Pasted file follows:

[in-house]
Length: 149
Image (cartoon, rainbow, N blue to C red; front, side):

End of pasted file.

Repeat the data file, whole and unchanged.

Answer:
[in-house]
Length: 149
Image (cartoon, rainbow, N blue to C red; front, side):